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My friend tried out my Pentax K-x and found that it was not as easy to use as he preferred. He has no interest in becoming a hobby photographer, he merely wants a camera that is easy to use and takes good pictures.

What are some cameras that are known for or are popular because of their ease of use? (They should have a sensor substantially larger than a point an shoot.) I'm thinking of either a mega-zoom or an entry level SLR.

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Superzooms usually have P&S-sized sensors (e.g. the SX10 had a 5-100mm lens on a 5.6x crop sensor for its 28-560mm-equivalent focal length). Are you specifically looking for a large sensor, or just anything that can give your friend a lot of flexibility? –  drewbenn May 7 '12 at 18:26
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Most mega zooms don't have larger sensor - which is why they can get away with massive zooms. Otherwise the glass would be large. –  rfusca May 7 '12 at 18:27
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Note that a larger sensor results in shallower depth of field. Thus you have to focus a large-sensor camera more accurately, and think about what specifically should be in focus. This may be at odds with the easy-to-use requirement. –  coneslayer May 7 '12 at 19:58
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I wonder if you're confused about what 'large sensor' means in practical terms. Why do you want a large sensor? –  Flimzy May 7 '12 at 20:37
    
+1 to every comment so far, but especially to @coneslayer's. There ain't no such thing as a free lunch. No camera takes good pictures. Photographers take good pictures, ideally with the help of good equipment. As with any art, there's no substitute for practice, and a nicely-designed entry-level DSLR isn't an unreasonable level of complexity if you really want good results. –  mattdm May 8 '12 at 3:54

3 Answers 3

up vote 1 down vote accepted

The entry level Nikon DSLRs - D3100 and D3200 - offer a 'guide' mode. You simply answer a few questions about a what kind of picture you'd like to take and it configures the camera settings for you.

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Actually, your friend has the right one. The Pentax K-x is certainly one of the simplest and most straight forward cameras to use. He is going to need to experiment with it to become more familiar, just like he would have to with any new digital camera.

There other options in the large-format arena, including SLDs from Olympus, Panasonic, Nikon and Sony. Panasonic's SLDs seem to have the most point-and-shoot like interface, if that is what you are after, something like the G3.

Sony's are not reputed to be very usable except for the NEX-7 which has enough customization options to make it usable. Sony does one thing very well which is provide an exposure-priority display on its SLDs. This means that you see the image as it will be exposed before taking the shot, something that DSLRs cannot do through their optical viewfinders. Other manufacturers do this too but not Panasonic and not so consistently.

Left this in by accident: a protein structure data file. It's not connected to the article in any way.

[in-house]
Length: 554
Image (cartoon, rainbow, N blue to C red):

Inevitably, it is either the latter or bulk which disappoint people moving to a DSLR. The final option is a Canon G1 X which is actually a near-replica of their prosumer compact but with a large sensor. Maybe this has a psychological effect but I do not think it is simpler than an entry-level DSLR. Compact cameras are rather complex now with all the features they offer!

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I have concern over recommending a camera for your friend. While the large sensor of a DSLR is one of the things that makes it capable of taking good photos, it's not the only thing. Most DSLRs offer a fully-automatic mode that makes the camera easy to use, typically just requiring a press of the shutter button to get an adequate photo. That's not a good or guaranteed way to get "good pictures," though.

How will the fully automatic mode work in difficult or special situations? For example, when shooting action in dim light the camera may think a slower shutter speed is ok -- but that results in a blurred photo. Or, shooting a heavily backlit portrait may make the meter bias to significantly overexpose the subject. Those are not going to be good pictures. Expecting that the camera is capable of getting good results all the time is a sure pain point.

I'm not recommending against getting a DSLR with a large sensor. I'm recommending he understand that a large sensor isn't the only thing required for a good picture, and that more knowledge may be required to get a good picture. Said differently, learning a bit about photography is probably the best way for him to get good pictures.

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Isn't this more of a comment? –  rfusca May 7 '12 at 19:54
    
Perhaps, but I couldn't fit it in 600 characters. :) –  Dan Wolfgang May 7 '12 at 20:01

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